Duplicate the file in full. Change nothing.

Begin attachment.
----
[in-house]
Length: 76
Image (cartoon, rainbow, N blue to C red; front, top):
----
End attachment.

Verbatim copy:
[in-house]
Length: 76
Image (cartoon, rainbow, N blue to C red; front, top):